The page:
Today the band that will headline Voodoo on October 28 dropped the second video from its upcoming "Concrete and Gold" album.

foo fighters screen shot
From Foo Fighters' "The Sky is a Neighborhood"

Earlier this week, Foo Fighters made news in Tokyo when they played a Nirvana-like version of “Never Gonna Give You Up” with guest vocalist Rick Astley. Today, the band that will play the Voodoo Music and Art Experience in City Park on October 28 dropped the second video from its upcoming album, Concrete and Gold, due out September 15. The song, “The Sky is a Neighborhood,” echoes Aerosmith’s “Dream On” but with less ballad and more stomp. 

The video features two girls--Grohl's daughters Violet and Harper--who find the night sky above them—as well as the band on their roof—magical, and Foo Fighters have launched a corresponding website to coincide with the video release. I have yet to be able to open the site on the coffee shop wi-fi I’m using, but according to the press release, “Go to https://sky.foofighters.com from your phone to configure a realistic constellation map in the viewer’s 3D sphere, then let it identify the constellations in your night sky—all while tiny Foo Fighters soundtrack your explorations at the bottom of the screen.”

“The Sky is a Neighborhood” follows “Run,” and the video for it earned Foo Fighters a nomination for an MTV Video Music Award.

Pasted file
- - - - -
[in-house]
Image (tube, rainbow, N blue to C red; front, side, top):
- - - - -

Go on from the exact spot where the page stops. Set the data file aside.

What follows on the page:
When Foo Fighters played Voodoo in 2014, the band was hard to separate from its contexts. Dave Grohl managed to be simultaneously professorial and culturally touristic with his Sonic Highways album and HBO mini-series—neither great looks—and perhaps because of that, the band was hard to separate from its most aggressive fans and the bro privilege both seemed to enjoy in concert. Their show a month later at the House of Blues made it easier to focus on the band’s fundamental charms:

Foo Fighters are a classic rock band for post-indie, post-alternative rock times, with no patience for celebrity. Grohl’s black T-shirted average-guy persona is at odds with conventional rock stardom. Rather than see the microphone as a conduit for his grander thoughts, like U2’s Bono, or for the unchecked id of Aerosmith’s Steven Tyler, Grohl excused himself from talking.

“The last thing you want is me talking after a couple of shots of Crown Royal,” he joked.

His everydude quality is crucial to the band’s appeal. The songs have an unpretentious meat-and-two-sides quality, and Grohl seems so down to earth onstage that fans can see themselves in him and imagine that if they fronted a heavy rock band, they’d be like him.